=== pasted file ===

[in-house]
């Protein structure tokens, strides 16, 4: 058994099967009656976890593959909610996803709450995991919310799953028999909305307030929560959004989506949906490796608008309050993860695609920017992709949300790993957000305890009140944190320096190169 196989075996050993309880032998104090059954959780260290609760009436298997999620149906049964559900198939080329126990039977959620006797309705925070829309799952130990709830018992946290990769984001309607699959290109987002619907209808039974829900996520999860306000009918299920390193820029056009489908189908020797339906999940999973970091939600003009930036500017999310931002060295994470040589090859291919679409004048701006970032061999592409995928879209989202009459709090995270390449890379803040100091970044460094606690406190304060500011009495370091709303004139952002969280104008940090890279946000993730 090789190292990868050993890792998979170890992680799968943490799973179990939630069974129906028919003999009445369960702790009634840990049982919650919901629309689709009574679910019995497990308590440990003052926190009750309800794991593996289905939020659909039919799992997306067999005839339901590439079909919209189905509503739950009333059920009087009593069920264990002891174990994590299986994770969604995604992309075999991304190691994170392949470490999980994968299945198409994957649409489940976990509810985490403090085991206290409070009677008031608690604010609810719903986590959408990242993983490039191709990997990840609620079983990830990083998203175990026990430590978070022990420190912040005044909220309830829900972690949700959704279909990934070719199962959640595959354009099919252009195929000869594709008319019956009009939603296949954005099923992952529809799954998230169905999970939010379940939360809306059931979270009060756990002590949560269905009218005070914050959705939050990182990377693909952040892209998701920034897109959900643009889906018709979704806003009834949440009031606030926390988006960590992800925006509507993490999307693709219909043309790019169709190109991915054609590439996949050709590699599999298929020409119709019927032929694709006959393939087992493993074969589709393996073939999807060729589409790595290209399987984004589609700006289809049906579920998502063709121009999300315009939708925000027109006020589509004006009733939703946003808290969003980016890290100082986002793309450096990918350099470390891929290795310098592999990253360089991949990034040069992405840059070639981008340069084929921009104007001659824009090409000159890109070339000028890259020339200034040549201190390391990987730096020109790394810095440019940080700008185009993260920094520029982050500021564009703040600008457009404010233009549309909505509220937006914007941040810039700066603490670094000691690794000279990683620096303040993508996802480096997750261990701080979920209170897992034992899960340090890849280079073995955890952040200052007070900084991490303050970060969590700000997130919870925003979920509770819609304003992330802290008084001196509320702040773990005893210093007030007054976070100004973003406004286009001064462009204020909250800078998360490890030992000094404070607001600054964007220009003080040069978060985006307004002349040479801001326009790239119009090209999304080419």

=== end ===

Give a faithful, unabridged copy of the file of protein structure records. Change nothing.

[in-house]
């Protein structure tokens, strides 16, 4: 058994099967009656976890593959909610996803709450995991919310799953028999909305307030929560959004989506949906490796608008309050993860695609920017992709949300790993957000305890009140944190320096190169 196989075996050993309880032998104090059954959780260290609760009436298997999620149906049964559900198939080329126990039977959620006797309705925070829309799952130990709830018992946290990769984001309607699959290109987002619907209808039974829900996520999860306000009918299920390193820029056009489908189908020797339906999940999973970091939600003009930036500017999310931002060295994470040589090859291919679409004048701006970032061999592409995928879209989202009459709090995270390449890379803040100091970044460094606690406190304060500011009495370091709303004139952002969280104008940090890279946000993730 090789190292990868050993890792998979170890992680799968943490799973179990939630069974129906028919003999009445369960702790009634840990049982919650919901629309689709009574679910019995497990308590440990003052926190009750309800794991593996289905939020659909039919799992997306067999005839339901590439079909919209189905509503739950009333059920009087009593069920264990002891174990994590299986994770969604995604992309075999991304190691994170392949470490999980994968299945198409994957649409489940976990509810985490403090085991206290409070009677008031608690604010609810719903986590959408990242993983490039191709990997990840609620079983990830990083998203175990026990430590978070022990420190912040005044909220309830829900972690949700959704279909990934070719199962959640595959354009099919252009195929000869594709008319019956009009939603296949954005099923992952529809799954998230169905999970939010379940939360809306059931979270009060756990002590949560269905009218005070914050959705939050990182990377693909952040892209998701920034897109959900643009889906018709979704806003009834949440009031606030926390988006960590992800925006509507993490999307693709219909043309790019169709190109991915054609590439996949050709590699599999298929020409119709019927032929694709006959393939087992493993074969589709393996073939999807060729589409790595290209399987984004589609700006289809049906579920998502063709121009999300315009939708925000027109006020589509004006009733939703946003808290969003980016890290100082986002793309450096990918350099470390891929290795310098592999990253360089991949990034040069992405840059070639981008340069084929921009104007001659824009090409000159890109070339000028890259020339200034040549201190390391990987730096020109790394810095440019940080700008185009993260920094520029982050500021564009703040600008457009404010233009549309909505509220937006914007941040810039700066603490670094000691690794000279990683620096303040993508996802480096997750261990701080979920209170897992034992899960340090890849280079073995955890952040200052007070900084991490303050970060969590700000997130919870925003979920509770819609304003992330802290008084001196509320702040773990005893210093007030007054976070100004973003406004286009001064462009204020909250800078998360490890030992000094404070607001600054964007220009003080040069978060985006307004002349040479801001326009790239119009090209999304080419």